Building fees could be waived for flood repair work
The town of Brighton will be looking to help out residents who have suffered extensive property damage due to the recent flooding.
Councillor Steven Baker tabled a motion to have the municipality waive building permit fees for repairs needed to affected properties and to ask electrical, plumbing and other authorities to consider waiving their fees as well.
CAO Bill Watson says staff will look into the plan, but with some conditions, after the motion passed with an amendment that applicants demonstrate a need.
While there was some concern about the price of funding the waived fees, Councillor Baker noted that the 30 or so homes that may be affected, wouldn’t add up to a substantial cost to the municipality.
Residents concerned about rat infestation
It appears there’s a bit of a rat problem in an area of Brighton.
Forty-four citizens have signed a petition asking the municipality to look into the issue and at least two residents spoke to council Monday night, after the recent rodent troubles, which have been traced to a composter on Ward Drive.
CAO Bill Watson says they’ll take a look at what can be done, but it’s a complicated issue, especially with residents being encouraged to find different ways to dispose of waste, without throwing it in the garbage.
Watson adds the problem is originating on private property as well, which has municipal officials wary about getting involved.
Long-time planning assistant retires
A long-time member of the Brighton municipal staff was officially sent off into retirement Monday.
Mayor Mark Walas presented former planning assistant Pat Johnston with a certificate recognizing her for her many years of friendly and professional service.
Johnston thanked the people in the Planning and Building Department for all of their help over the years and said her work colleagues had become like family.
Prior to her time with Brighton, Johnston spent 19 years working for the former Percy Township and for the Municipality of Trent Hills.
EA consultant asked to make special visit
Brighton councillors feel they haven’t been kept in the loop as far as the ongoing environmental assessment goes, on the water pollution and control plant and they want to hear more by the end of the month.
Despite a recent public meeting with the consultant on the EA, JL Richards and Associates, many councillors still have more questions and have requested a special visit to Alice Street.
Council passed a motion Monday directing staff to ask JL Richards representatives to come to a special meeting next week, so they can address concerns they have, as the town continues to try to get the plant up to standard.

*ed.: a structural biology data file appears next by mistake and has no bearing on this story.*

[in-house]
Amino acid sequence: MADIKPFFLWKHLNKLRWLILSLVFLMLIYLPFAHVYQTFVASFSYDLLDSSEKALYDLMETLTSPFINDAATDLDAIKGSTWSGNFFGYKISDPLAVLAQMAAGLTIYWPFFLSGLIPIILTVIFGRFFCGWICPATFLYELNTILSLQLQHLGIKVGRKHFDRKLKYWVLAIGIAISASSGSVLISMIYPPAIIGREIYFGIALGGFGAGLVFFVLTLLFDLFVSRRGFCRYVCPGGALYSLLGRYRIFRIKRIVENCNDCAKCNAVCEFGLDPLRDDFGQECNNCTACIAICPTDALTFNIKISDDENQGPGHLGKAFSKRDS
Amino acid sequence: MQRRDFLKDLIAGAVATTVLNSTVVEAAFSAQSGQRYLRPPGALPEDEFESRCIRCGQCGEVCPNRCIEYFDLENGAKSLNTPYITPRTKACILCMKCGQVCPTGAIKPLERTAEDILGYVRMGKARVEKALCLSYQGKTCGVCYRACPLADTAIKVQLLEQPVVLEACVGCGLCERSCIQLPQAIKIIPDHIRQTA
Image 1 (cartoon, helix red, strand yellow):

CAO Bill Watson tells Quinte News JL Richards has been receptive to a meeting and he’s sent them an email to see if they can fit the visit into their schedule.
Air Force museum asks for funding
Representatives from the National Air Force Museum of Canada are making the rounds to local councils asking for funding support, as they look to add a state-of-the-art theatre to the facility.
Theatre Committee head Fred Blair led a delegation asking for $15,000 towards the 110 seat theatre, as either a lump sum donation, or split up over two years.
Blair says lending support would be a good investment, since our area is one of the hottest tourist destinations in the province and the museum is also a staple in the local elementary curriculum.
Most of the planning for the theatre is already underway and council decided to look over the funding request during budget deliberations for 2018, which begin this fall.
Will Brighton help another hospital?
The group of hospitals in Kingston has made a pitch for some funding help to the town of Brighton.
Brighton resident and cancer care patient Paul Crane led the discussion, along with President of the University Hospitals of Kingston Foundation Denise Cummings.
They’ve asked the municipality for about $100,000 towards the foundation’s fundraising campaign to make upgrades at all three hospitals in Kingston, noting Brighton residents made just over 4,000 patient visits there in 2015.
Council received the presentation and deferred any funding commitments to the 2018 budget discussions this fall.
New website almost ready for launch
Brighton’s new website is almost ready to be unveiled, with a soft-launch slated for next month.
E-Solutions was contracted to revamp the site last year, at a cost of about $20,000 and after weekly meetings, municipal staff say they’re ready to show the site to councillors at the regular July meeting.
Once it’s complete and launched, the site will have a new look and will make accessing meeting agendas, minutes and other important information much easier for residents.
The site will also give council the ability to live-stream meetings, hopefully by August, once staff settle on the right camera to use for that service.